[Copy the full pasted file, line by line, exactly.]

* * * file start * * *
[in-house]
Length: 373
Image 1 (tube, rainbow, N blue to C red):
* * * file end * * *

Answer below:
[in-house]
Length: 373
Image 1 (tube, rainbow, N blue to C red):